As a former police officer, Christian and proud American who has many family members and friends that serve in our armed forces, I share your concerns. Protecting our community and country against radical extremism and acts of terror is of paramount importance. Know that your local, state and federal law enforcement agencies are working diligently to keep you and all residents safe from harm.
I thought it would be helpful to provide you some facts around the Welcoming Cities and Counties project and about refugees, in general:
Hillsborough County did pass a resolution in September of this year agreeing to participate in the Welcoming Cities and Counties project, based on the recommendations of the Diversity Advisory Council (DAC). This Council facilitates communication between County government and diverse populations, addressing matters related to diversity that are important to everyone.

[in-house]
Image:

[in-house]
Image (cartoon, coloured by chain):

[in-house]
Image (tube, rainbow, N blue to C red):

As a Welcoming County, we simply agreed to the following:
Advance a county-level resolution declaring our locality to be a welcoming one
Adopt policies and practices that promote inclusion within local government and the broader community
Join a cohort of cities and communities that have pledged to become more welcoming
Appoint at least one key local government staff contact for the project
Participate in three conference calls a year to share and learn from other Welcoming Cities and Counties
Participate in an annual in-person meeting with other Welcoming Cities and Counties (dependent upon available travel resources)
There is no cost associated with our participation.
Some facts about refugees: